He lives in Issaquah, WA where he is the owner of South Cove Tutoring.
1 Perlmutter, David, MD. “Neurogenesis: How to Change Your Brain.” The Huffington Post. November 2, 2010.
2 Robson, Kelly. “Hippocampus: Definition, Function & Location.” Education Portal.
3 “Hippocampus.” Wikipedia. http://en.wikipedia.org/wiki/Hippocampus
4 Csikszentmihalyi, Mihaly. Creativity. Harper Perennial, 1997.
5 Medina, John. Brain Rules: 12 Principles for Surviving and Thriving at Work, Home, and School. Pear Press, 2008.
6 Blanchette, David M., et al. “Aerobic Exercise and Creative Potential: Immediate and Residual Effects.” Creativity Research Journal, 2005.
7 Ben-Shahar, Tal. Psychology 1504: Positive Psychology. Harvard Open Course, 2009.
8 Doidge, Norman. The Brain That Changes Itself. Penguin Books, 2006.
9 MacDonald, Matthew. Your Brain: The Missing Manual. O’Reilly Media, 2008.
10 Amen, Daniel G. Magnificent Mind at Any Age: Natural Ways to Unleash Your Brain’s Maximum Potential. Three Rivers Press, 2009.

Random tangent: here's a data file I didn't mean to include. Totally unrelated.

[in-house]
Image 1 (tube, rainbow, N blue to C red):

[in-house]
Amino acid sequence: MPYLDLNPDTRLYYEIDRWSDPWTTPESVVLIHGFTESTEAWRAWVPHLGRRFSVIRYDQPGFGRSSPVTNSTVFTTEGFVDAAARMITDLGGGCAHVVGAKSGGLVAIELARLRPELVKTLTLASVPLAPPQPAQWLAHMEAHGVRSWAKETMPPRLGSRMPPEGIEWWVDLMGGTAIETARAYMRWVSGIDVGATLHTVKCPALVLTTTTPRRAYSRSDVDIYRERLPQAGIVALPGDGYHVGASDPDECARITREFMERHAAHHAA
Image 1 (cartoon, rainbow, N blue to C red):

11 “Benefits of Turmeric.” How Stuff Works.
12 Jabr, Ferris. “Cache Cab: Taxi Drivers’ Brains Grow to Navigate London’s Streets.” Scientific American. December 8, 2011.
13 Bergland, Christopher. “The Size and Connectivity of the Amygdala Predicts Anxiety.” Psychology Today. November 20, 2013.
14 Massachussettes General Hospital. “Mindfulness meditation training changes brain structure in eight weeks.” Science Daily. January 21, 2011.
15 Lazar, Sara W., et al. “Meditation experience is associated with increased cortical thickness.” NIH Public Access. US National Library of Medicine, National Institutes of Health. February 6, 2006.
16 Dweck, Carol. Mindset: The New Psychology of Success. Ballantine Books, 2007.
Title Image: Ajifo, Alan. “brain power.” https://www.flickr.com/. Creative Commons 2.0. Text added.
Turmeric: Jackson, Steven. “Turmeric.” July 27, 2009. https://www.flickr.com/. Creative Commons 2.0.